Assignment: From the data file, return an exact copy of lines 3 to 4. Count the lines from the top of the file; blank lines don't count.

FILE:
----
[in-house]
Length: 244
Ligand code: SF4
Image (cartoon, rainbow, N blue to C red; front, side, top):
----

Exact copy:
Ligand code: SF4
Image (cartoon, rainbow, N blue to C red; front, side, top):